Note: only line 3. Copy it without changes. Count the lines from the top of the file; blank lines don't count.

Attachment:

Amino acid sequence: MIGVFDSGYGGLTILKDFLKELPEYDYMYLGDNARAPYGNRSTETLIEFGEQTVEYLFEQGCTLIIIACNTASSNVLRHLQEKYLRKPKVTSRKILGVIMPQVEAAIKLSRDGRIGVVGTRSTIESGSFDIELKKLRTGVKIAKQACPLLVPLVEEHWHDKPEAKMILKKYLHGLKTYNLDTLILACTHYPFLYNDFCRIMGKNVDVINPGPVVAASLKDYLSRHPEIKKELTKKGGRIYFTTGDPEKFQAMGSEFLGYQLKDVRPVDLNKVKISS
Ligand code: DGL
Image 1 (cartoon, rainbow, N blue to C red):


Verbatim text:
Image 1 (cartoon, rainbow, N blue to C red):